ClipStudio Paint How To Draw Frosted Cookies




I. Introduction

Happy February Everyone! I have no idea when I am going to be uploading this video, but regardless! I wish everyone's crush to acknowledge them and that they have a spectacular time with your significant other. If you are spending the V-Day by yourself I hope you have an unique group of friends that can create memorable moments for this month.


Yall better have your list of goals and commits ready, because I am expecting yall to achieve them by next year don’t think I wasn't going to mention we are in 2024 now. Feel free to share your resolutions in the comments below, I would love to hear about them.


For the months of February, Alluring Calamity, moi will be participating in the Clip Studio Contest. So I decided to go with How to Draw Sweets as the theme. I'm thinking of cakes, chocolate and cookies. YUMMY! I am determined to share with you some tools that I wish I knew sooner as well as enjoy using on the software that is Clip Studio Paint.


Let’s go!

II. Introduction to the Selection Tool

When approaching any drawing,  you’ve got to find yourself an arsenal of references. What type of references are you needing you may ask? Ones that highlight the mood/color scheme of your pieces, one that has the composition/position of the pieces layout in regard to dimension, and ones with the designs. 

I go in with the G-Pen to create an outline around the drawing, before using the bucket tool to fill in the objects I will be painting over.


I also use the selection tool to cancel out any stray marks leaving the chosen areas for my drawing. Notice how I am blocking out the shapes of the cookies with my thick oil paint tool, and then creating a new layer for the base color for the frosting, the plate and arms. Just so I have a visual of what each part of the drawing represents.

I normally start off by creating a rough gestural sketch of where I would like everything to go. I use a light medium such as the pencil tool to get a good feel of where I am wanting my objects to go. I really like the kneaded eraser because it does not have this intense bold removal of the places I am wanting to eraser; it's more of a softer lift off from my canvas when I make mistakes.

Now this part I was trying to figure out the directional shadows of the cookies against the plate as well as each other, by using the multiply tool on a new layer. 

Taking a lighter color and using the airbrush tool to feathery lay out the directional lighting.

Don't forget to NAME your layers!

Now I am going in with a little more saturated pink over the frosting.

I attempted to combine the layers but the effects were not keeping their rich tones, so I had to play around with it.

I went back in with my trusty thick oil paint tool with the base color of the cookie to crave out shapes and textures against the surface of the cookie. Making sure to add more saturation for the frosting when I blend the additional layer of colors on the surface so I do start losing the shape and texture of the overall cookie.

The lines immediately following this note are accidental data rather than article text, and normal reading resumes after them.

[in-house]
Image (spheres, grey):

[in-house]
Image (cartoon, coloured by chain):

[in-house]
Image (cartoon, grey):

I go in on the same layer to add highlights with no effects and shadows within the frosting of the cookie, to give it the popping enhanced 3D aesthetic with some more little shadows being drawn in before adding general highlights.

SURPRISE surprise I ended up creating another layer to make big blobs of shades with the Multiply effect, turned down a bit so that the opacity can show through.Then I’ll start cleaning up with my kneaded eraser, once I am down with that I start to move the layers into a folder to make it easier to select. But then I flattened it, and combined all of the layers.

Now this is the part where Imma be blending and applying, I start off blending with a medium tone over the plate. Then go in with a lighter tone pigment, for the reflective light. Again adding in the shadow layer with the multiply tool.


I am very particular about the wild strains of pencil mark or rigid edges that need to be touched up with either a kneaded eraser or oil paint.

Time for the sprinkles!!

Making sure to add a variety of color for the sprinkles and using the eyedrop tool to regain the correct colors for the canva, making sure to add some on the plate. Once I am done adding all of my sprinkles I’ll duplicate the layer and change the effect to multiply, resizing the sprinkles to create a popping dimension

Now this is the touch up portion of the tutorial


Create a color dodge layer effect once you have selected the entirety of the object, to apply the effect on  the areas of the cookies that are receiving either directional light or reflective light.


I used the general overlay cover to balance out the color

III. Closing Remark

It has come to an end my dear artist. I am thrilled to see that you've enjoyed learning more about how to use Clip Studio to make sweet treats for your future masterpieces. Trust that using Clip Studio paint will allow for flexibility in the realms of tools that you can explore in the drawing process in order to bring your imagination to life on a canva. Remember that tools  that you are uncertain about, anything you don't encounter as much doesn't mean that you shouldn't try to draw with them. I feel it's best to take it day by day as cheese and annoying as that may sound.

Consistent practice makes art that you can appreciate, and love for the development you've grown over time. Imma be joining yall on that boat too, so don't be shy scoot over. Remember that consistency builds progress, copy what you see, study what you copied, practice what you studied from imagination, construct what you observe, study what you observe, then practice what you studied. It was an absolute pleasure making this tutorial! Wish all of you artists good luck, and this has been AlluringCalamity.



The End



New Official Articles